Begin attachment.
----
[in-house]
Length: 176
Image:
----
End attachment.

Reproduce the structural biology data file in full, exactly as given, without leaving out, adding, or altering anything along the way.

[in-house]
Length: 176
Image: